Uzbek Political Parties Fall Out
|Publisher||Institute for War and Peace Reporting|
|Publication Date||21 December 2012|
|Cite as||Institute for War and Peace Reporting, Uzbek Political Parties Fall Out, 21 December 2012, available at: http://www.refworld.org/docid/50dc056d2.html [accessed 31 May 2016]|
|Disclaimer||This is not a UNHCR publication. UNHCR is not responsible for, nor does it necessarily endorse, its content. Any views expressed are solely those of the author or publisher and do not necessarily reflect those of UNHCR, the United Nations or its Member States.|
Two of Uzbekistan's official political parties are engaged in an unusually public row, but analysts say it does not reflect the emergence of genuine debate in this authoritarian state.
Newspapers in Uzbekistan, especially those controlled by the two parties, reported the dispute between the People's Democratic Party of Uzbekistan, PDPU, and the Liberal Democratic Party.
The Liberal Democrats are the more recent creation, and claim to represent business interests. They accused the PDPU of obstructing a bill on private banking and finance, saying it favoured state regulation whereas they wanted commercial freedom. The PDPU, they said, was trying to "make political mileage out of sensitive social justice issues".
The PDPU hit back, accusing the Liberal Democrats of going too far on the enterprise culture and free-market economics.
The PDPU is the successor to the Soviet-era Communist Party in Uzbekistan, and was the only party for several years after independence in 1991, until President Islam Karimov decided to set more parties up. Opposition parties, meanwhile, were hounded out of existence.
Karimov was head of the PDPU, but switched his affections to the Liberal Democratic Party, set up in 2003.
Svetlana Artykova, a member of the Senate or upper house of parliament, said disputes like this showed that Uzbekistan was becoming more democratic.
"The parties are engaged in all major developments, and they have evolved effective policies. So they argue among themselves, just as happens in parliaments all over the developed world," she said. "I don't see anything unusual about it."
Others, however, say that the Uzbek parliament exists only to applaud and rubber-stamp Karimov's decisions, and they doubt this apparent outbreak of lively discussion will go anywhere.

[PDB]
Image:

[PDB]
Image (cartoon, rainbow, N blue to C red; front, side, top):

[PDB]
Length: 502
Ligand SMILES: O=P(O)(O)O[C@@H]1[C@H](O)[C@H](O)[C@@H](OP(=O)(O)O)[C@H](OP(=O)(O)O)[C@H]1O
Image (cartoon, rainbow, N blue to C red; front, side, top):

"Everyone understands this is for show," a commentator in Syrdarya said, arguing that the public uninterested in this kind of infighting.
A political analyst in Tashkent, Bahodir Safoev, added, "This performance is primarily aimed at a western audience, to show that our parliament is the scene of fierce political battles. In addition, these parties need to remind people of their existence from time to time, since they play no effective part in political life."
A media-watcher in Tashkent said the spat might be a reflection of real rivalries between the two parties.
The Liberal Democrats started out as a strong party representing the wealthier sections of society, and crucially, backed by the president.
"But it hasn't had any real economic successes," the analyst said. "Nor is its policy platform clear to most people, since they are uninvolved in business."
By contrast, the PDPU with its communist legacy can claim to be stronger on social welfare issues.
"The president alone has the last word, and everyone knows that," the media-watcher said, noting that Karimov is "betting on the Liberal Democrats".
A Liberal Democrat who asked to remain anonymous said Uzbekistan was going down the same path as Kazakstan or Russian, where elite parties are allowed to argue with one another but not to stand up to the president.